Canadian and U.S. emergency management officials use simulated disaster scenario to test new communication technologies
November 16, 2017 – Ottawa, Ontario
In line with Strong, Secure, Engaged, Canada’s new defence policy, the Government of Canada is committed to investing in capabilities that improve our ability to forecast threats and challenges. The ability to leverage opportunities, and act effectively and decisively in cooperation with our allies and partners is of paramount importance in keeping Canadians safe at home and abroad.
Home to the longest international border in the world, Canada and the United States (U.S) must be prepared to coordinate effective emergency responses in the event of disasters or other threats to safety and security.
In support of this, the Department of National Defence’s Centre for Security Science and the Department of Homeland Security Science and Technology Directorate teamed up for the fifth time to conduct an experiment supporting emergency management officials and first responders. The Canada-U.S. Enhanced Resiliency Experiment series, known as CAUSE, took place on November 15th and 16th near the border between Lower Mainland, British Columbia, and Whatcom County, in the state of Washington.
Based on a fictional scenario involving a volcanic eruption and subsequent crater collapse, emergency responders and management officials from both nations were able to effectively improve situational awareness and communication of critical information necessary to better plan and execute a coordinated response to a potential incident affecting both sides of the border.
Emergency officials put their knowledge and skills to the test using cutting-edge information sharing technologies including unmanned aerial vehicles and public safety broadband networks. These networks are secure high-speed wireless data communications networks used by emergency responders and public safety personnel in emergency situations.
The CAUSE demonstration series provides participants with the opportunity to use a range of tools in a simulated environment, and determine how the technology and applications perform in different scenarios. Information gathered through these collaborative efforts is key to assessing the functionality and value of relevant technology, and enables the operational community to make improvements to emergency responses involving cross-border defence, public and safety and security operations.
“First responders work hard to keep Canadians safe and secure. During a crisis, emergency responders need to have access to the latest tools and technology in order to better coordinate and deliver a quick, efficient response. CAUSE is a valuable experiment that will help improve emergency responders’ safety and operational effectiveness on both sides of the border. We look forward to continuing to improve cross-border communication with our American counterparts.”
The Honourable Ralph Goodale, Minister of Public Safety and Emergency Preparedness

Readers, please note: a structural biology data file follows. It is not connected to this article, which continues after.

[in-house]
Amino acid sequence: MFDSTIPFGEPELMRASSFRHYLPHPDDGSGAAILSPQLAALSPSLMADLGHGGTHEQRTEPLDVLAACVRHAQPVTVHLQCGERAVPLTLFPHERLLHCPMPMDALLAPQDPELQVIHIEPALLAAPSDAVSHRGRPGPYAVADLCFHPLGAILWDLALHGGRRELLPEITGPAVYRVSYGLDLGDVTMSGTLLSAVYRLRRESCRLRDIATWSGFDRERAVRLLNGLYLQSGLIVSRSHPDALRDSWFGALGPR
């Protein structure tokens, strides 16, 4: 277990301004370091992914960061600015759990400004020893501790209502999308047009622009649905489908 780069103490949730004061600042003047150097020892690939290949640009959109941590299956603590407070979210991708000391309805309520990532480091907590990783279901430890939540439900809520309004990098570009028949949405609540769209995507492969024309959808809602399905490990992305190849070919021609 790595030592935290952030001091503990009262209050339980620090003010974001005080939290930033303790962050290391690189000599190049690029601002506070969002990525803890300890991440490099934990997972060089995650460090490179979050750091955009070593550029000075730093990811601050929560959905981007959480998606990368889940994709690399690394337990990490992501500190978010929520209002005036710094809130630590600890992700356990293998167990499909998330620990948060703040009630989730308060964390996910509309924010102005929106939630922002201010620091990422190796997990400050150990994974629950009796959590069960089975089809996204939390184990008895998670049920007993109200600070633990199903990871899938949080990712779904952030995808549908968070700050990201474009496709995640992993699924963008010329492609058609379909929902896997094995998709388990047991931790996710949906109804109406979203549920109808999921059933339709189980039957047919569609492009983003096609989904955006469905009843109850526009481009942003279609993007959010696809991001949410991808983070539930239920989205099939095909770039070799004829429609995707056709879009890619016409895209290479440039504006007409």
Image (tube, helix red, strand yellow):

“A key commitment for the Government of Canada is supporting the development of new tools and technologies that will help emergency management officials respond to and recover from disasters as safely and efficiently as possible. The lessons learned from the CAUSE series gives us valuable insight into the application of cutting-edge communication technologies that will benefit both Canadian and U.S. safety and security operations.”
Harjit S. Sajjan, Defence Minister
“Some hazards, manmade or natural, know no borders. We share the world’s longest international border with Canada with a diverse terrain and weather conditions. When disaster strikes our borders, U.S. and Canadian first responders, and emergency managers need to be able to communicate and interoperate efficiently. The Canada-US Enhanced Resilience Experiment series has proven that the collaboration we have in these areas is valuable and necessary. DHS S&T is committed to work in the R&D space to give our responders the tools and the technology they need so they are better protected, connected and full aware while saving lives and property. “
William N. Bryan, Senior Official Performing the Duties of the Under Secretary for Department of Homeland Security Science and Technology Directorate
CAUSE V is a collaborative effort between the Department of National Defence’s Centre for Security Science, Public Safety Canada, and the U.S. Department of Homeland Security Science and Technology Directorate, in conjunction with various partners, including local emergency responders and supporting federal agencies and departments within British Columbia and Washington State.
This demonstration provides participants with opportunity to use various tools in a simulated setting to learn how technologies such as radio, telecommunication and social media systems perform under different emergency scenarios. This information will help assess the functionality and value of the technology, determine potential improvements for operational use, and identify the procedures and training needed to maximize effective use.
Spanning almost 9,000 km, the Canada-U.S. border is the longest international border in the world; it represents more than three times the distance between Paris, France and Moscow, Russia. The Canada-U.S. border touches eight Canadian provinces and territories and 13 U.S. states.
Department of National Defence
Public Safety Canada
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